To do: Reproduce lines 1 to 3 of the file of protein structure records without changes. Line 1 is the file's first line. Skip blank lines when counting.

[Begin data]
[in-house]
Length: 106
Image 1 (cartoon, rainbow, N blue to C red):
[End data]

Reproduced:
[in-house]
Length: 106
Image 1 (cartoon, rainbow, N blue to C red):